Classroom Technology

Teachers Demand Answers From Social Media Companies: ‘What’s It Going to Do to Our Kids?’

By Alyson Klein — July 14, 2022 4 min read
Girl using smartphone with notifications of social media icons
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Bullying emanating on social media from a device that many kids keep right by their bedsides. “Challenges” that encourage the destruction of school property. Violent threats to commit a massacre at an elementary school.

Social media has transformed childhood, and given the adults who work with or care for kids a litany of concerns that previous generations of educators and parents could never have imagined.

Now, many educators want to know how Meta, the company that owns some of the oldest and most popular social media platforms—Instagram, Facebook, and WhatsApp—plans to help schools handle those challenges, or even acknowledge their own role in creating them.

Many don’t feel that they’ve gotten a clear answer yet.

The issue has become particularly heated since documents released last year through a whistleblower revealed that Meta conducted extensive research on the negative impact of its platforms on children’s mental health and the spread of false information, but failed to act on any of those findings.

“I do think that they owe an explanation. I think they owe it not just to the parents and the educators but to the world,” said Bill Bass, the innovation coordinator for the Parkway School district in Missouri, in an interview after Meta’s head of global security, Antigone Davis, spoke to a room full of educators at the International Society for Technology in Education’s annual conference last month in New Orleans. “I think there is a lack of trust that is inherent now” between educators and social media companies, even those companies that are working to secure student data and think about student mental health.

‘A whole slew of bullying that we couldn’t look at’

During the ISTE panel, Davis outlined her company’s lesson plans for parents and teachers, parental management tools, and Meta’s efforts to “build up social learning tools within that digital literacy.”

And the company has tools on its platforms to identify “potentially bullying content and to remove it if it violates our policies,” Davis said. But, she added, “there’s a whole slew of bullying that we couldn’t look at and tell what is happening.”

For instance, she used the example of classmates making fun of a fellow female student’s skirt and one saying “nice skirt” in a comment on a picture. “There’s zero way for us to know that is bullying without additional context,” Davis said. “Sometimes, we can get that additional context but generally we’re not going to.”

Meta has tools that allow teens—and other users— to red flag words that might be used to bully them or that they don’t want to see on their feeds.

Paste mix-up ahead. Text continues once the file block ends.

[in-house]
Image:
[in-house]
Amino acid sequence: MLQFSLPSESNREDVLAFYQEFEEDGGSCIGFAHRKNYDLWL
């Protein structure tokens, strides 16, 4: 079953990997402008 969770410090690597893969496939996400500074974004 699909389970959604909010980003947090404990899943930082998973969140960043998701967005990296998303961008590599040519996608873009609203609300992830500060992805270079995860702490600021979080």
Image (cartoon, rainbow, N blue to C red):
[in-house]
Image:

While he was pleased to hear that Meta has teacher resources, Matthew Winter—an instructor for the Utah Education Network, which works with districts throughout the Beehive State on technology needs—wishes all prominent social media companies could somehow figure out how to give educators a tutorial on their many features so they can help kids and parents.

He wants to know, “this is what happens on Snapchat when a kid logs in and this is what happens when they get into Instagram. This is what Instagram Live is. This is what TikTok is,” he said.

Right now, “we have to go out and explore it. We have to figure it out first.” And that can be time-consuming for teachers who have a lot on their plates, he pointed out, and especially for those who are not tech savvy.

‘A Band-Aid that still keeps kids in that ecosystem’

Educators at ISTE pressed Davis and Jacqueline Beauchere, the global head of platform safety for Snap Inc., the company behind Snapchat, on how the companies aim to ensure the safety of kids under the age of 13, who aren’t legally allowed to use their flagship platforms but often sign up anyway.

They noticed a stark difference in their answers.

Beauchere said Snapchat just isn’t for younger users.

“We are not designed for children under the age limit,” Beauchere said. “I can’t emphasize that enough. Snap is 14 plus. Those rules are there for a reason, and they really need to be abided by.”

But Davis suggested her company could find a way to safely offer younger kids access to social media platforms.

“Opening the door for the ability to have some degree of much more monitored technology for younger people may be part of what we need to do,” Davis said. Meta, she said, already has “Messenger Kids,” a platform with what she described as stringent parental controls.

Bass found that answer “shortsighted. I don’t think it’s a solution. It’s a Band-Aid that still keeps kids in that ecosystem.”

One thing Davis did not mention: Instagram for Kids. Meta was initially planning to develop a version of the social media platform for younger children, but paused its plan after pushback from critics who, like Bass, saw it as just another way for the company to hook kids early.

And Maureen, a former teacher from Western Canada who now works for an education nonprofit but did not want to give her last name because it is not her job to speak to reporters, didn’t “hear a corporate responsibility to do something other than a business model of trying to get kids into the apps,” she said in a brief interview after the panel ended. The platforms are “doing a lot of damage to kids’ mental health. There are great things about social media, there are places to use it, but these corporations need to step up.”

Winter, from the Utah Education Network, agreed. “I think there needs to be a little bit more foresight [from companies] about what they put out in the future. What is it going to do to our kids?”


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